R&B singer Ashanti recently announced a new partnership with the woman-owned Web3 company EQ Exchange. The move reportedly makes her the first Black female artist to be a partner and co-owner in a Web3 company.
The Los Angeles-based company has developed an NFT-based marketplace platform so creators can access capital. Its platform allows creators to share and monetize their content, and will enable fans to buy and sell NFTs of their favorite artists’ creations. According to its website, it also helps artists and creators to own their equity and build wealth-generating careers. “We believe artists should own their own IP and interact directly with their audience without hidden fees and unnecessary middlemen.”
The company was founded by female tech entrepreneur Janice Taylor, who is white. But with the company’s partnership with Chapter II, Ashanti, 41, becomes “the first Black female artist to be a co-founder of a Web3 company,” reported Complex. According to its website, EQ Exchange offers artists equity in the company and process. The platform officially launched on March 25.
Ashanti’s partnership is reported to include the release of special “creative experiences” and NFTs, all of which will be exclusive to the platform, Complex reported.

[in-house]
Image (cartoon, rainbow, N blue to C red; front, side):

Ashanti was just a teenager when she was first discovered for her singing talent. She signed as an artist to Murder Inc. Records in 2002. That year, she was featured on Fat Joe’s “What’s Luv?” and Ja Rule’s “Always on Time,” both of which became two of the biggest hit songs of 2002. The Grammy Award-winning artist has released six studio albums and 24 singles.
“It’s so important to me to get the message out that artists should own their intellectual property,” Ashanti said of her work with Taylor and the EQ Exchange team. “By empowering myself through new technology, I’m trying to help other women avoid going through the things that I’ve been through. The future belongs to those who take control and make it their own.”
Of the Ashanti partnership, Taylor said, “Ashanti is paving the way for the next generation of artists in the new creator economy. EQ Exchange could not have asked for a better partner as we work together to change the game for all artists, particularly women and people of color.”
In a video statement posted in January, Taylor detailed some of her goals for the tech company.
“If you’re a woman, if you’re a person of color, if you come from a diverse group anywhere in the world and the financial system has not benefited you, you need to come here, and we can all learn together,” Taylor said.